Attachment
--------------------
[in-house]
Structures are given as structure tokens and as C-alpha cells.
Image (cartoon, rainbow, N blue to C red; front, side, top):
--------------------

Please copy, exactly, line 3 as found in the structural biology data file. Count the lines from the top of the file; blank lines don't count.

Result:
Image (cartoon, rainbow, N blue to C red; front, side, top):